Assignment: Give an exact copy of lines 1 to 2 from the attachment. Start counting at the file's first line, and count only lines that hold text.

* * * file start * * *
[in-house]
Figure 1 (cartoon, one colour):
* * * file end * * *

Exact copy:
[in-house]
Figure 1 (cartoon, one colour):